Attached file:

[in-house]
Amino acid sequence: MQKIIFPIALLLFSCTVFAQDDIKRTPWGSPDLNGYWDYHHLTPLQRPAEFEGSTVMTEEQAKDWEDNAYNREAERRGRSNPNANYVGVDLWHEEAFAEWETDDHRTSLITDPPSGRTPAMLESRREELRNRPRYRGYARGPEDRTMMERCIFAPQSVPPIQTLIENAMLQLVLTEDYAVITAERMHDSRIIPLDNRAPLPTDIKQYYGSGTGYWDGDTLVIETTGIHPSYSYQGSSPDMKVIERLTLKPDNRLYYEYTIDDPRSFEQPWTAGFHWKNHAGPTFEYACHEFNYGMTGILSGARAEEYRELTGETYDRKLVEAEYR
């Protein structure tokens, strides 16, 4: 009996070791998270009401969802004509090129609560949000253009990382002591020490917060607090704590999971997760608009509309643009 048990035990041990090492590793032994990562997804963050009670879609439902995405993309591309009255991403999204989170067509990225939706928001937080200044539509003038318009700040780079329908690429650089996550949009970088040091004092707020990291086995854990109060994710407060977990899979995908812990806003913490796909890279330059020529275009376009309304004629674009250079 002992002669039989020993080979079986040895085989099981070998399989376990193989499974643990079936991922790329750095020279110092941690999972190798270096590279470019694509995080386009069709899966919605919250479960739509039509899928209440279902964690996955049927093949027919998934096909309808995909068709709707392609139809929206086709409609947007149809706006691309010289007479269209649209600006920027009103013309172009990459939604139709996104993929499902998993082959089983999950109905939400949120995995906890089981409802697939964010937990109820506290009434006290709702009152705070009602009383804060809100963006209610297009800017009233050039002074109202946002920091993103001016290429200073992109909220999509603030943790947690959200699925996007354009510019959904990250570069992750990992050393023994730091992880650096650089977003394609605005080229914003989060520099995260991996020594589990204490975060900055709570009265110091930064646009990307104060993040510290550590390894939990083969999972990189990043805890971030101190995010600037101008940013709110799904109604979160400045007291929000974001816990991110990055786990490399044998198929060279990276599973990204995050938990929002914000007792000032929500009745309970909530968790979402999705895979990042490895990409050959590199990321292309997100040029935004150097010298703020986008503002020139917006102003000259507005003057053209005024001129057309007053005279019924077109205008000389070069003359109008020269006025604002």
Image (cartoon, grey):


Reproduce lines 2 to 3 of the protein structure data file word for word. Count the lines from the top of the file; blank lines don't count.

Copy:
Amino acid sequence: MQKIIFPIALLLFSCTVFAQDDIKRTPWGSPDLNGYWDYHHLTPLQRPAEFEGSTVMTEEQAKDWEDNAYNREAERRGRSNPNANYVGVDLWHEEAFAEWETDDHRTSLITDPPSGRTPAMLESRREELRNRPRYRGYARGPEDRTMMERCIFAPQSVPPIQTLIENAMLQLVLTEDYAVITAERMHDSRIIPLDNRAPLPTDIKQYYGSGTGYWDGDTLVIETTGIHPSYSYQGSSPDMKVIERLTLKPDNRLYYEYTIDDPRSFEQPWTAGFHWKNHAGPTFEYACHEFNYGMTGILSGARAEEYRELTGETYDRKLVEAEYR
């Protein structure tokens, strides 16, 4: 009996070791998270009401969802004509090129609560949000253009990382002591020490917060607090704590999971997760608009509309643009 048990035990041990090492590793032994990562997804963050009670879609439902995405993309591309009255991403999204989170067509990225939706928001937080200044539509003038318009700040780079329908690429650089996550949009970088040091004092707020990291086995854990109060994710407060977990899979995908812990806003913490796909890279330059020529275009376009309304004629674009250079 002992002669039989020993080979079986040895085989099981070998399989376990193989499974643990079936991922790329750095020279110092941690999972190798270096590279470019694509995080386009069709899966919605919250479960739509039509899928209440279902964690996955049927093949027919998934096909309808995909068709709707392609139809929206086709409609947007149809706006691309010289007479269209649209600006920027009103013309172009990459939604139709996104993929499902998993082959089983999950109905939400949120995995906890089981409802697939964010937990109820506290009434006290709702009152705070009602009383804060809100963006209610297009800017009233050039002074109202946002920091993103001016290429200073992109909220999509603030943790947690959200699925996007354009510019959904990250570069992750990992050393023994730091992880650096650089977003394609605005080229914003989060520099995260991996020594589990204490975060900055709570009265110091930064646009990307104060993040510290550590390894939990083969999972990189990043805890971030101190995010600037101008940013709110799904109604979160400045007291929000974001816990991110990055786990490399044998198929060279990276599973990204995050938990929002914000007792000032929500009745309970909530968790979402999705895979990042490895990409050959590199990321292309997100040029935004150097010298703020986008503002020139917006102003000259507005003057053209005024001129057309007053005279019924077109205008000389070069003359109008020269006025604002």